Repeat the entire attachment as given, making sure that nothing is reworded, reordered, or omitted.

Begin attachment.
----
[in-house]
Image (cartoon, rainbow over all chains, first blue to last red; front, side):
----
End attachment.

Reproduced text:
[in-house]
Image (cartoon, rainbow over all chains, first blue to last red; front, side):